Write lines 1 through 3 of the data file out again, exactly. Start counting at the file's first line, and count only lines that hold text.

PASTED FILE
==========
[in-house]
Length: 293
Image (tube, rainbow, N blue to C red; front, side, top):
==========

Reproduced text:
[in-house]
Length: 293
Image (tube, rainbow, N blue to C red; front, side, top):